Consumer Reports removes recommendation for Microsoft's Surface

Alyssa Bailey
August 11, 2017

According to Reuters, Consumer Reports found that the breakage rate for Surface devices is "significantly worse" thank other manufacturer's laptops and tablets. Recent studies suggest that a quarter of laptops and tablets from Microsoft will present problems for users within two years of ownership.

This finding is contrarian to that of Consumer Report's lab testing, which found that many of Microsoft's products performed "well" in CR labs.

However, Microsoft told CNN Tech it doesn't believe the findings accurately reflect Surface owners' "true experiences".

This decision specifically deals with Microsoft devices with detachable keyboards, such as the new Surface Pro released in June and the Surface Book, as well as the company's Surface Laptops with conventional clamshell designs.

Hold off on buying a Microsoft Surface tablet or laptop. Regarding the recommendation, Microsoft does not agree with Consumer Reports, stating that consumers provided different and positive experiences after purchasing the product. That being said, Consumer Reports carries a lot of weight with its ratings and this report will likely have a serious impact on sales.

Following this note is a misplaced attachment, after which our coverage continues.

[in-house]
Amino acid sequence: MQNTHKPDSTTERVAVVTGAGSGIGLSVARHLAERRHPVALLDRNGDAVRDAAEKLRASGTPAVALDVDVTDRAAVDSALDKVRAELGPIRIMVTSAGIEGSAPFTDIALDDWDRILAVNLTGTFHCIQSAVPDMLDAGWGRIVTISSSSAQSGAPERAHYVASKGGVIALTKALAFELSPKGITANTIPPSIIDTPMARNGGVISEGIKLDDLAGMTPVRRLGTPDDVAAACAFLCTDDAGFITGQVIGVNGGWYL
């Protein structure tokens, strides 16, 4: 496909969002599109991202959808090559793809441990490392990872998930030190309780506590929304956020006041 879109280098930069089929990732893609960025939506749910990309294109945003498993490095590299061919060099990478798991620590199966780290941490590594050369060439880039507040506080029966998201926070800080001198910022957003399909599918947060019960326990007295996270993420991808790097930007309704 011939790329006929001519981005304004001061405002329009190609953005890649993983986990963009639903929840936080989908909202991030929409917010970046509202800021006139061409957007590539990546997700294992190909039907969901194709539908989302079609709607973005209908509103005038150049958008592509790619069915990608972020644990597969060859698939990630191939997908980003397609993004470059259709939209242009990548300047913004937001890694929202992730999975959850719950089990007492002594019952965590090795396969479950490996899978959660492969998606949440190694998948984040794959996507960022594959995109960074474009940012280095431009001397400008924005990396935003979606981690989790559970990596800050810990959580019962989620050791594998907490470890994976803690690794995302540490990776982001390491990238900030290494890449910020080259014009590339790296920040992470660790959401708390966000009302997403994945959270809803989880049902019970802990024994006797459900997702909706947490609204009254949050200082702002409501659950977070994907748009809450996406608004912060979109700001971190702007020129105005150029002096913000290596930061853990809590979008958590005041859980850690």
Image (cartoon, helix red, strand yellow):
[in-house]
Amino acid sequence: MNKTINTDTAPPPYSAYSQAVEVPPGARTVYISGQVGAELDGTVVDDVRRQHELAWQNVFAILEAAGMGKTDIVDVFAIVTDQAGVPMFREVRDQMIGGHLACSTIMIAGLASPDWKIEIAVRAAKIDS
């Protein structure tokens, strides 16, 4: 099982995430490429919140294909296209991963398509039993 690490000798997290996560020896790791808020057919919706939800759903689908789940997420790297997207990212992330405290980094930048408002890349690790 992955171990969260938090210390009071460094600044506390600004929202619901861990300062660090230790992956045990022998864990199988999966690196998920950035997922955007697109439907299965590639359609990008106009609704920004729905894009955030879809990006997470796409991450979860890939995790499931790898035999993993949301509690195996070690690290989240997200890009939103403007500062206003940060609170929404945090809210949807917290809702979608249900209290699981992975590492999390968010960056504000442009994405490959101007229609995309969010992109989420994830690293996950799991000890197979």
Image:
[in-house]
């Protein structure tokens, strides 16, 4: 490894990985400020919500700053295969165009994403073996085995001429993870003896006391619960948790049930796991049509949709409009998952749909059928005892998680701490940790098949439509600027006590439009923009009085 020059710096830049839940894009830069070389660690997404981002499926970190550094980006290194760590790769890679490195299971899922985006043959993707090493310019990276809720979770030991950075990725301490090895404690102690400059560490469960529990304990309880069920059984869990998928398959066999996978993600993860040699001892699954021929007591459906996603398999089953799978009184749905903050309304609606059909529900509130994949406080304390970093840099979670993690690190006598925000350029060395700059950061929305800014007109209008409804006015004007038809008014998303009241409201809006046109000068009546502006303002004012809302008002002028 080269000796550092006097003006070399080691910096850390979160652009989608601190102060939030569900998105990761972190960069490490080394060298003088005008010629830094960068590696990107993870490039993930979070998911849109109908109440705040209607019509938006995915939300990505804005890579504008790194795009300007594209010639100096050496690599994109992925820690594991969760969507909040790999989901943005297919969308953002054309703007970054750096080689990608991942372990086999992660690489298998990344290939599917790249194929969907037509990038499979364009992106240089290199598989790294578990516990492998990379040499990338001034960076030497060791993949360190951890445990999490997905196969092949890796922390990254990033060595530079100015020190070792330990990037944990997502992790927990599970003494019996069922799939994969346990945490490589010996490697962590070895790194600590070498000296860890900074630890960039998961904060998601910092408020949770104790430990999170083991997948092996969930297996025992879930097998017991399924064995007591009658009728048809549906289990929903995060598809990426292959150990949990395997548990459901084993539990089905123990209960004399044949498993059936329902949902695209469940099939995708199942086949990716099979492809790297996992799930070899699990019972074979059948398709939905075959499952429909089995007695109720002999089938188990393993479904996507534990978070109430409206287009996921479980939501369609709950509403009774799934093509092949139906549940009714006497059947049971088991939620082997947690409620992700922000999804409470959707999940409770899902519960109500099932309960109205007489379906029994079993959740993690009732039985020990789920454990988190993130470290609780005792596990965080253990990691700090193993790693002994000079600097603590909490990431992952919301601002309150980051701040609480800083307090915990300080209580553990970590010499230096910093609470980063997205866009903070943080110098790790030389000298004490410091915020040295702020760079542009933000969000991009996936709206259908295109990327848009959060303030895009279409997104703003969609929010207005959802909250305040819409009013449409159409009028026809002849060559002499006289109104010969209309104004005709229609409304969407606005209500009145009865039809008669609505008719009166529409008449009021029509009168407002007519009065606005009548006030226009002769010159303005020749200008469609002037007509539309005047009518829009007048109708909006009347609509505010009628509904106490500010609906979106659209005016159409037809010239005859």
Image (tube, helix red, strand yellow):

Are you looking for a little more rugged edge to your shiny new Surface Laptop?

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The publication gauges reliability by surveying its subscribers about the products they use and own.

Consumer Reports recently conducted a survey of almost 91,000 people who bought new laptops and tablets between 2014 and the beginning of 2017. Instead, Microsoft forced Surface Pro 3 owners to pony up $450 for a refurbed unit.

Worth noting here is that this is not the first case where Consumer Reports has pulled recommendations. A few commented that their machines froze or shut down unexpectedly, while several others told us the touch screens weren't responsive enough. Nonetheless, while it has great things to say - like much of the industry, ourselves included - about the Surface range in terms of performance, it argues it can't recommend the current models.

Meantime, if you are shopping for a student right now, you may be interested in know that Apple's MacBooks and iPads came out on top in Consumer Reports' survey.

Microsoft doesn't agree with Consumer Reports, but that doesn't surprise anyone.

Other reports by GlobalViralNews

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